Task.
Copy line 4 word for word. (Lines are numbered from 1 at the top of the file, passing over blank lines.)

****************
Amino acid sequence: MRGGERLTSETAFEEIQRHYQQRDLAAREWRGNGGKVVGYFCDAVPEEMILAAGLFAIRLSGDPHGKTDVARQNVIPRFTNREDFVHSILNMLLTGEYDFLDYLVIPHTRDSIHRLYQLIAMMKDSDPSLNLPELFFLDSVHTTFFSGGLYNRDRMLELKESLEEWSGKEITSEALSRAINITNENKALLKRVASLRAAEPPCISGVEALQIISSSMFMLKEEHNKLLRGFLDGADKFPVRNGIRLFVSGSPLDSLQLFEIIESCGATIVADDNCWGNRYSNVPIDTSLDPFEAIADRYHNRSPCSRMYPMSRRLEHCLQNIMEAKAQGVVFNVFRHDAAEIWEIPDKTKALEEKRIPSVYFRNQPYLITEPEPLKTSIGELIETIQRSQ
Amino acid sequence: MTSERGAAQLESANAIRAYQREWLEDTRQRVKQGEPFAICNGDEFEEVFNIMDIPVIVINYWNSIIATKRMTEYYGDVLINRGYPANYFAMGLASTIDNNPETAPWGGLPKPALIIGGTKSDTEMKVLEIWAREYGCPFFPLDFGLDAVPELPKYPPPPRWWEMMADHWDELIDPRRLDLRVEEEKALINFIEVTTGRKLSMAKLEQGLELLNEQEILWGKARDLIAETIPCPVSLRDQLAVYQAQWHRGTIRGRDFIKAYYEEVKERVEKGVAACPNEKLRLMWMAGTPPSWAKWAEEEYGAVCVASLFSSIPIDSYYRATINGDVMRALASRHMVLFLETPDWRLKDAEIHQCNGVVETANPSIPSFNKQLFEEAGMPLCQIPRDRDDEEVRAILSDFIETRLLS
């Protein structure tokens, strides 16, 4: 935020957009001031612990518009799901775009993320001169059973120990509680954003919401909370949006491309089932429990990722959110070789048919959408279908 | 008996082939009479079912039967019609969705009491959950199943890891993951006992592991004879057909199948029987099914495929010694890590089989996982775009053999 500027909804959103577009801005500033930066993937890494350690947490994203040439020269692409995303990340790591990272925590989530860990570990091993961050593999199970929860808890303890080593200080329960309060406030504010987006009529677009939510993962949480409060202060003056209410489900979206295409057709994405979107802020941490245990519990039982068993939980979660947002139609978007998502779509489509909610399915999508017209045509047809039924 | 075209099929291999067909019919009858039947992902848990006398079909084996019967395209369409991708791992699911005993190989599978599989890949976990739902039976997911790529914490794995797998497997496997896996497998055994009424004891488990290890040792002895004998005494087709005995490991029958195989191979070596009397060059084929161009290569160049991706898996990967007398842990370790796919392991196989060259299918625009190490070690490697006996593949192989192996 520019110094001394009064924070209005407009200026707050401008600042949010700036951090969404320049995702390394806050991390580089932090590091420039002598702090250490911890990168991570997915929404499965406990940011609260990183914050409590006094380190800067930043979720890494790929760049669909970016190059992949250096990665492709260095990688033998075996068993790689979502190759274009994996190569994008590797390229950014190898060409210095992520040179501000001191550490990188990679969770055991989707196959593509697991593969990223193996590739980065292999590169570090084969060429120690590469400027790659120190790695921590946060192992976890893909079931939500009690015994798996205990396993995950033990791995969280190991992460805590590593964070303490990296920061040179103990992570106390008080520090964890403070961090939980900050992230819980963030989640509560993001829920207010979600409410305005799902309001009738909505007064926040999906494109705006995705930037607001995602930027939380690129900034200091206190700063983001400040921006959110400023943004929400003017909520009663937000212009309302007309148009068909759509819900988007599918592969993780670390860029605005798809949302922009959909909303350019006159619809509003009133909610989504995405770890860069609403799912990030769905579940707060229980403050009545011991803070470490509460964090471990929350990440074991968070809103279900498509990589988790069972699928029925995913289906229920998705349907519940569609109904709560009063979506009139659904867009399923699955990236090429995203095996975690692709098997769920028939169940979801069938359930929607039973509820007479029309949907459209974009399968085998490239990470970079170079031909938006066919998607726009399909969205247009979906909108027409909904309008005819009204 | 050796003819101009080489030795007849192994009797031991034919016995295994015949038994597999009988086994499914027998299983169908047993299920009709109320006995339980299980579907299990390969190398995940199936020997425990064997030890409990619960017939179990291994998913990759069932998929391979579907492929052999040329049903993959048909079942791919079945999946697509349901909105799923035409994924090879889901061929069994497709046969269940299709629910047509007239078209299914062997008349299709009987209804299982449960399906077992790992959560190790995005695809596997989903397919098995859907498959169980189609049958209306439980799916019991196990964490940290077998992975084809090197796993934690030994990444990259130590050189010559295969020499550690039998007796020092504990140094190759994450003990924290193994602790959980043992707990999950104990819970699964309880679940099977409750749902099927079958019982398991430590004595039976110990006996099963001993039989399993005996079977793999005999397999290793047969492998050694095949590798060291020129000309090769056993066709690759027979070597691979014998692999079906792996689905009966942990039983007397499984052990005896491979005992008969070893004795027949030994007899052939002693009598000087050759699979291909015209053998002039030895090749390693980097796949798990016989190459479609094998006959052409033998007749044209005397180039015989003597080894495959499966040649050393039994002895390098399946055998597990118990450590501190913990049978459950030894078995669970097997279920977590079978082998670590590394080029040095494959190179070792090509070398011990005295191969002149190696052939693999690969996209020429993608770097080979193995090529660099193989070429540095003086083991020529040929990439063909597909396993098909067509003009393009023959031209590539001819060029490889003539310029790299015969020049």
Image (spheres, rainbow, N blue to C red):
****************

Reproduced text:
Image (spheres, rainbow, N blue to C red):